Older pubs like the Turk's Head and Moira Arms would have benefited from the days when Castle Donington was a noted stage coaching stop. Both inns are still pulling pints, if not watering horses, at the heart of the old village. So too is the Donington Manor Hotel, which was built in 1794 to provide sustenance, sleeping quarters and stabling for weary travellers. Since 2001, Donington Manor has been a three-star Finesse hotel offering 'contemporary styling in truly classic surroundings'. For manager Tamsin Jackson, the hotel is marked out by its 'individuality'.
'The building is full of nice surprises,' declares Tamsin. 'Every bedroom is unique, every conference room has a different feel and the public areas range from traditional to very contemporary. I also believe that our staff have genuine passion and pride in this place.' Since arriving last year, Tamsin says she's been trying to make the hotel 'a bit less stuffy and more approachable'. Passion and pride extends to the cuisine, she feels, with chef Jeff providing exquisite homemade dishes. He also keeps his own allotment in the village. 'Jeff is often known to nip up there before lunch or dinner and snip, pick or pull up some item of food that will then appear on the menu,' says Tamsin approvingly.
'That's what I call passion!' The other major hotel in the village, The Priest House, has a most tranquil and romantic riverside setting. 'We're in a quiet, idyllic spot away from any hustle and bustle,' declares manager Martin Page. 'Our hotel sells itself, really.' Many is the time when all 42 rooms are taken for a wedding occasion. Guests must surely admire the tasteful way the Norman tower (the only survivor of a devastating fire which destroyed the adjacent mills in 1927), blends with the contemporary hotel extension. The hotel has a four-star rating and the restaurant has earned two rosettes, although Martin is anxious that 'the dining experience is viewed not as something exclusive or ostentatious but for the whole family.' He adds, 'We pride ourselves on our friendly welcome, good food and relaxed environment - and we employ local people.' Another keen Priest House promotion is its conference facilities, which benefit from having a major airport nearby. Bookings for hotels and guest houses also fill up with every Donington Park race meeting, especially the British Motorcycle Grand Prix which last year attracted 140,000 visitors. Visitors continually come to the Donington Grand Prix Collection, the world's largest assemblage of Formula 1 and Grand Prix vehicles - over 130. It's a little known fact that a Castle Donington-born man - Brian Henton - competed over several Formula 1 World Championship years in the 1980s.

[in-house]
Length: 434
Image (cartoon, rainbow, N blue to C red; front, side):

The coming of the Formula 1 British Grand Prix in 2010 will, according to Donington Park PRO Dave Fern, 'bring major financial benefits to the area'. It's exciting, for sure, but add all of Donington Park's race meetings and annual rock festival together with East Midlands Airport activity, including its continual night-time freight flights, and one can appreciate that for all its rustic virtues, Castle Donington isn't exactly a place of permanent quietude.